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Ode On Grecian Urn

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    Imagine the following: a bride dressed in white on her wedding day, savage menchasing after women, the lingering subject of love, or a peaceful, uncorruptedtown. What do these topics have in common? Through the use of these topics, JohnKeats portrays the theme of eternal innocence and the sufficiency of beautythroughout his poem, “Ode on a Grecian Urn.” In the first stanza ofthe poem which has a rhyme scheme of ababcdedce, Keats introduces the theme ofeternal innocence and the sufficiency of beauty with reference to the “unravishedbride of quietness.” Accepting her purity of not yet engaging in the sexualactions of marriage, the urn portrays the bride in this state, and she willremain like so forever. Also in the first stanza, Keats uses the literarytechnique of cacophony to describe savage men chasing women into the dark,mysterious, and savage woods. Some of the cacophonic words include “thy,Arcady, and ecstasy.” Using these words, Keats makes the urn capture thepicture of the chase before any sexual desires or intentions are fulfilled.

    Since the urn ceases to describe anything past the chase itself, the situationis purely innocent with beauty thus complying with the theme. Also evidentthroughout the second and third stanzas is the theme of eternal innocence andbeauty. Keats writes of a young man sitting under a tree with the girl whom heloves. He is playing a pan flute to the girl expressing his passion for herthrough music. Once captured by Story2 the urn, the picture will remain like soforever. The trees with the leaves, the maiden, and the young man himself willalways remain the same. He will always play the flute and can never kiss thegirl. Keats uses the following lines in this stanza: “She cannot fade,though thou hast not thy bliss, / For ever wilt thou love, and she befair!” These lines simply mean that the boy doesn’t have the bliss of thekiss; but the poet says not to worry because the young maiden will always beremain by his side, young and beautiful. The urn captures her innocence.

    Therefore, since the maiden and the young man never actually have a sexualcontact relationship, their love is pure, innocent, and eternal thus complyingwith the theme of eternal innocence and beauty. Continuing to the fourth stanza,the theme of eternal innocence and beauty is profound with the subject of apeaceful, uncorrupted town. The urn presents a priest leading a heifer dressedin garland up to an altar. The people from the town are on their way to thealtar. The town symbolizes the potential of man (cheating, lying, pride, andenvy). Then, as the story continues, a bit of irony becomes present. The peopleare portrayed to have taken over a spiritual nature of innocence and purity.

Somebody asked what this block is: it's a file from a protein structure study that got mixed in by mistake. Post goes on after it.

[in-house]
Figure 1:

They are spiritual in nature as depicted by the urn; but not even five minuteslater, they plan to sacrifice the heifer. But, once again, by freezing in timethe picture of innocence, the urn does not represent the corrupted image that isabout to take place. It has caught the people in a holy moment, and it hascaught the town as an empty picture of beauty. Therefore, Keats once againdemonstrates eternal innocence and beauty by capturing on the urn the picture ofan uncorrupted town and a group of holy people. In the last stanza, Keats tellsthe reader he has teased their thought by convincing that the theme of innocenceand beauty are ever present in society. This last stanza leaves the reader withmixed emotions as a result of the mixed imagery. This means that the narratorvoices Story3 protests of the superiority of the world captured in the Arcadianscenes (first stanza), but is perplexed by the unanswered questions stemmingfrom the silence of the “Cold Pastoral” in the last stanza. He isprimarily trying to tease the thought process by making the reader think ofsomething eternal. Also adding to the confusion is the most famous part of thepoem that lies within the couplet at the conclusion of the ode. Keatsmetaphorically penned these lines: “Beauty is truth, truth beauty,–that isall/ Ye know on earth, and all ye need to know.” It is said that even Keatswas not clear of the exact message presented by this statement. Most criticsthink he used the terms of truth and beauty in a Platonic sense, as verbalrepresentations of the highest ideals. The first part of the statement isrelatively clear-the highest expressions of art are the most sublime expressionsof wisdom and truth. But, the last part of the message leaves a lingering sense.

    Maybe he thought only the beautiful parts of life should be represented which iscomparable to the images on the urn. But, only Keats knew the real meaning.

    Overall, this last stanza forces the reader to see what is in the surroundingworld. It foresees that when there is a presence of “other woe” withinthe world (which is relevant to the world today: 180 years later), the urn andits eternal emanations of beauty will survive. So, even though the last stanzais of a different structure (does not have the urn representing a scene), itstill represents innocence and beauty especially within the famous line”Beauty is truth, truth beauty”. And therefore, as demonstratedthroughout the entire poem by the use of innocent, unfulfilled images painted onthe urn, Keats demonstrates the theme of innocence and eternal beauty.

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    Ode On Grecian Urn. (2019, May 03). Retrieved from

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